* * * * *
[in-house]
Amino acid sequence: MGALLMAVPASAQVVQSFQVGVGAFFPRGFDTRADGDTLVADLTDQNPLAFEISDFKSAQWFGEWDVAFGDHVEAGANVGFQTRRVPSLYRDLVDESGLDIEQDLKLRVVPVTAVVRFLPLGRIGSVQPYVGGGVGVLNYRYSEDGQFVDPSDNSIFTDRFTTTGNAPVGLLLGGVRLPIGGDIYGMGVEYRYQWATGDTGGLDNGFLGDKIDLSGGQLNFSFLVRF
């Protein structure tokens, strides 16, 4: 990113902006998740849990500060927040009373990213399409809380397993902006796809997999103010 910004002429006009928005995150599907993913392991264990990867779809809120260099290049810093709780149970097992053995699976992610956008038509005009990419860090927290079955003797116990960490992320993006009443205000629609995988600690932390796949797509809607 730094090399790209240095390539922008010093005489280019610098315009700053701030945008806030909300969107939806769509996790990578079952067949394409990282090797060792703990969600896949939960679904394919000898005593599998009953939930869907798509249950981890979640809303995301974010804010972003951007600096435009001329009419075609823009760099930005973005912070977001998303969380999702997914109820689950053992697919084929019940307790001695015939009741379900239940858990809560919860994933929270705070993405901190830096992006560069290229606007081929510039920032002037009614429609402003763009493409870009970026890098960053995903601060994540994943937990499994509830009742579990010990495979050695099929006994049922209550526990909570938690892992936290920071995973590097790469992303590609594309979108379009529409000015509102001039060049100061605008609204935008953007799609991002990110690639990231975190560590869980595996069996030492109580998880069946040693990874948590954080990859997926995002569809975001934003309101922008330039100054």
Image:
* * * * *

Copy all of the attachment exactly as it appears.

[in-house]
Amino acid sequence: MGALLMAVPASAQVVQSFQVGVGAFFPRGFDTRADGDTLVADLTDQNPLAFEISDFKSAQWFGEWDVAFGDHVEAGANVGFQTRRVPSLYRDLVDESGLDIEQDLKLRVVPVTAVVRFLPLGRIGSVQPYVGGGVGVLNYRYSEDGQFVDPSDNSIFTDRFTTTGNAPVGLLLGGVRLPIGGDIYGMGVEYRYQWATGDTGGLDNGFLGDKIDLSGGQLNFSFLVRF
């Protein structure tokens, strides 16, 4: 990113902006998740849990500060927040009373990213399409809380397993902006796809997999103010 910004002429006009928005995150599907993913392991264990990867779809809120260099290049810093709780149970097992053995699976992610956008038509005009990419860090927290079955003797116990960490992320993006009443205000629609995988600690932390796949797509809607 730094090399790209240095390539922008010093005489280019610098315009700053701030945008806030909300969107939806769509996790990578079952067949394409990282090797060792703990969600896949939960679904394919000898005593599998009953939930869907798509249950981890979640809303995301974010804010972003951007600096435009001329009419075609823009760099930005973005912070977001998303969380999702997914109820689950053992697919084929019940307790001695015939009741379900239940858990809560919860994933929270705070993405901190830096992006560069290229606007081929510039920032002037009614429609402003763009493409870009970026890098960053995903601060994540994943937990499994509830009742579990010990495979050695099929006994049922209550526990909570938690892992936290920071995973590097790469992303590609594309979108379009529409000015509102001039060049100061605008609204935008953007799609991002990110690639990231975190560590869980595996069996030492109580998880069946040693990874948590954080990859997926995002569809975001934003309101922008330039100054």
Image: